“It was also Mick’s first production with me for my label Immediate. The only reason Mick, Keith and I started to produce together was that we like to do things the Beatles hadn’t done.

“There came a settlement between the Rolling Stones and Allen Klein in the early seventies that I didn’t know much about. 1973 or ’74. I was living in Paris with my wife Esther. We got together with Mick and Bianca. Mick was meant to be settling with Allen Klein. Mick was gonna deliver great tracks and stuff that would make a great last album of the deal between the Stones and ABKCO. And then Mick and I were supposed to get together in New York to mix it and this was the album that would become Metamorphosis.

“I was not privy to what was going on. But Mick obviously changed his mind and delivered a bunch of lesser stuff to Allen Klein. It was just abysmal.

“In an attempt to not only rescue the album but make it complete, a full album, when I used to do Andrew Loog Oldham Orchestra recording sessions for Decca, when say 2 hours and 10 minutes was gone out of the 3 hours allotted, I would have done the tracks, whether it be a Four Seasons album, Beach Boys, Rolling Stones songbook, and I would have 50 minutes left with, you know, 16 musicians. Which included Jimmy Page, John Paul Jones, and I would then record anything I wanted, something new I was working on, or more often than not, doing elaborate demos of songs that Mick and Keith had written. So that makes up five or 6 things that are on side one of Metamorphosis. The Rolling Stones are not playing on them. It’s just Mick and Keith doing some vocals. Same is true of ‘Out of Time.’

“Then I remembered that Mick had done a reference vocal for Chris Farlowe for ‘Out of Time.’ So I let Allen have it for Metamorphosis ‘cause we needed a decent song. I mixed that and added a lot of people from Connecticut, bass players and background vocals that I used on a Donovan session. Same year. And that went onto the album with the Jimmy Miller-produced ‘I Don’t Know Why.’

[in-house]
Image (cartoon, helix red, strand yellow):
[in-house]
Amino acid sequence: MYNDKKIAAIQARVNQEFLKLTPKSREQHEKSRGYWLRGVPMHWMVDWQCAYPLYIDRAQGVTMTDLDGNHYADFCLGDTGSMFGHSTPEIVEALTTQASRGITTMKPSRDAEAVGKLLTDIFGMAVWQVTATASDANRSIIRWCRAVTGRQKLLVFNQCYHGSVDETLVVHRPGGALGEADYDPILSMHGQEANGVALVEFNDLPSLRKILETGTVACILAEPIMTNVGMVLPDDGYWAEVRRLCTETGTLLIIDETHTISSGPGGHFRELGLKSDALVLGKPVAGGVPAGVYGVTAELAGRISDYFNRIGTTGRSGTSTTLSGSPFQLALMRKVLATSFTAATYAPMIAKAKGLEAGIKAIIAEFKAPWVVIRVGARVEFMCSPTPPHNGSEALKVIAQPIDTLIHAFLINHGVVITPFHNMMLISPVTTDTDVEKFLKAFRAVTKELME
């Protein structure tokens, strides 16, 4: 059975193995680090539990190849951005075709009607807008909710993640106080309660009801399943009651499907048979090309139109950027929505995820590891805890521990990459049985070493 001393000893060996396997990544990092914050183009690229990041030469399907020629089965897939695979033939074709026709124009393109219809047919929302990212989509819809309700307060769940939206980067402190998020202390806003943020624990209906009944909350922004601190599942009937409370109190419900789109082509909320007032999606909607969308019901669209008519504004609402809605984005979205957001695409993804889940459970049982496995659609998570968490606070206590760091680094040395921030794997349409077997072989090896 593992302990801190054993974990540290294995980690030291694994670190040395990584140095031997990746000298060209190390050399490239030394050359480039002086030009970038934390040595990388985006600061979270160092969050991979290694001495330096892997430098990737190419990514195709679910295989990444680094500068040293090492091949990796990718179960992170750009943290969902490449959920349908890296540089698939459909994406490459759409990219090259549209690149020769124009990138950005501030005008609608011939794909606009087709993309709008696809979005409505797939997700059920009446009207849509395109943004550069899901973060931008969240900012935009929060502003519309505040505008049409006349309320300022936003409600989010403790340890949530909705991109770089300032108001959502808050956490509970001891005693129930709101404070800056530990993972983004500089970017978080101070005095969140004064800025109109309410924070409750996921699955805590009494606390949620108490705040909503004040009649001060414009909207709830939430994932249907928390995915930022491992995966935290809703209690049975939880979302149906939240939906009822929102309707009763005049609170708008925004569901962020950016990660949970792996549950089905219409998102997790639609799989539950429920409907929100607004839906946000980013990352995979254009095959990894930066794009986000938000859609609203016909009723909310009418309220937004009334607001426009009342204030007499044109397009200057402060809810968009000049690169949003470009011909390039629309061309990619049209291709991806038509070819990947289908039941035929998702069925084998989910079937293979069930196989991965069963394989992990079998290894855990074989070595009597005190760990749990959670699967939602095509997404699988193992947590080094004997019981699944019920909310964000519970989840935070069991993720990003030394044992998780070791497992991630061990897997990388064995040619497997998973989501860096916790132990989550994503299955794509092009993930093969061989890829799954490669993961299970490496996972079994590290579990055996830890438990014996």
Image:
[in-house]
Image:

“Stuff they worked on and not bothered to finish. For example, the version of Stevie Wonder’s ‘I Don’t Know Why’ which was recorded on the night Brian Jones died. The ‘I Don’t Know Why’ that they recorded at Olympic, the night that dear Brian died, was like 1:30. Right?

“When I was putting together Metamorphosis in New York at the Record Plant in 1975, John Lennon was next door. Right? And I borrowed the horn people from Elephant’s Memory. Stan Bronstein. And John Lennon said to me, ‘Use him, man.’ And I just suggested, ‘I want a Jimmy Miller horn section.’ (laughs).

“And they did that on ‘I Don’t Know Why.’ And if you listen to it, Mick Jagger repeats the same verse and chorus three times. I just made it 3:40 with the addition of the horn section and the Connecticut musicians. And Allen Klein’s classic words to me at the time were ‘Don’t worry Andrew. I’ve done the research. You could put shit on a Rolling Stones’ record and it would still sell a quarter of a million in America alone.’

“As for the Stones’ ‘Out of Time’ in this movie, maybe Quentin Tarantino is so vinyl anal he was familiar with Metamorphosis. Right? Good for him.”

In a July 26, 2019 story on Once Upon a Time in Hollywood by Armond White in the National Review, contrasts the powerful exhibition of the Rolling Stones’ “Out of Time” off the UK Aftermath in an earlier film from director Hal Ashby, Coming Home, with the “Out of Time” utilized in Once Upon a Time in Hollywood.

“Tarantino’s pop sadism vents the undigested frustration of the juvenile mentality. The hit parade of half-obscure pop tunes is a mere distraction, proof that Tarantino’s understanding of pop music — like his understanding of movies — is far shallower than we imagined. The Mamas and the Papa’s trenchant ‘Twelve Thirty (Young Girls Are Coming to the Canyon)’ has been used more felicitously elsewhere, as was The Rolling Stones’ ‘Out of Time,’ which Hal Ashby scored in Coming Home so that it expressed the forgotten romance and regret behind Sixties political anxiety.”